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Buzzkill Disclaimer:  This post contains general tax information that may or may not apply in your specific tax situation. Please consult a tax professional before relying on any information contained in this post.

New, Simplified Application Process for Nonprofits

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People who want to set up non-profit organizations will have an easier time doing so now that the IRS has greatly simplified the application for form 1023-eztax exemption.  The IRS just released a new tax exempt application form (Form 1023-EZ) that is only 3 pages long.  Prior to this form being released, organizations applying for tax exemption would have to fill out the 26 page Form 1023.

Most small organizations, including as many as 70% of all applications, qualify to use the new streamlined form.  Most organizations with gross receipts of $50,000 or less and assets of $250,000 or less are eligible.  Organizations should review the instructions to Form 1023-EZ to make sure they are eligible to apply with the simplified form.  The instructions are just under 20 pages, and professional assistance will likely be needed.  The application may be simplified, but it is still not simple.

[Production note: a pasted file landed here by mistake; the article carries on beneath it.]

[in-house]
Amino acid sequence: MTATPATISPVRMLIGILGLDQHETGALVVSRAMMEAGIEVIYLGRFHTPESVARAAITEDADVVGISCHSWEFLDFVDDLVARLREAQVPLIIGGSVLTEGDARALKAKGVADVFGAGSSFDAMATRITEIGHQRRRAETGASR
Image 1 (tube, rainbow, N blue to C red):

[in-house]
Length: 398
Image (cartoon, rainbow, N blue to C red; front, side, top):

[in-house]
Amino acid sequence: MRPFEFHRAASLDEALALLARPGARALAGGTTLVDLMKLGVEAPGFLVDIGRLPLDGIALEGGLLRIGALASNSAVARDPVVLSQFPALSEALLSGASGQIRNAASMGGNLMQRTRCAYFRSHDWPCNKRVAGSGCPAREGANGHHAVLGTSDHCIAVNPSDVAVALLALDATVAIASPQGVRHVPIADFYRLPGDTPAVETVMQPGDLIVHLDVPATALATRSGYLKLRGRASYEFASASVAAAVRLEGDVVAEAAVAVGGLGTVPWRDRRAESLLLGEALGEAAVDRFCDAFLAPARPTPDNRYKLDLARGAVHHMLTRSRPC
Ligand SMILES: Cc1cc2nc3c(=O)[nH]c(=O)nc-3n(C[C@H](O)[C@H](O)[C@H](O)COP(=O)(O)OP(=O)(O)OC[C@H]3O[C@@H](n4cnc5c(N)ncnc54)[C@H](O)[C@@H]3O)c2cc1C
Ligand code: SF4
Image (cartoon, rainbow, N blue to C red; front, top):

Form 1023-EZ must be filled out online at www.pay.gov.  However, a sample (non-submittable) copy of Form 1023-EZ is available here.

The fee to apply for tax exemption has been reduced to $400 from $850.  However, under old provisions, there was a reduced $400 fee for organizations whose gross receipts did not exceed $10,000 over a four year period.  Under the new provision, the $400 reduced application fee will generally apply to organizations with gross receipts of $50,000 or less (assuming other requirements are met).

If you have any questions on how this applies to you, please feel free to give us a call.

 

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Buzzkill Disclaimer:  This post contains general tax information that may or may not apply in your specific tax situation. Please consult a tax professional before relying on any information contained in this post.